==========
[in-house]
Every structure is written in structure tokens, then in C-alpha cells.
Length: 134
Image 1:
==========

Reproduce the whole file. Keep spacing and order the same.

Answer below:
[in-house]
Every structure is written in structure tokens, then in C-alpha cells.
Length: 134
Image 1: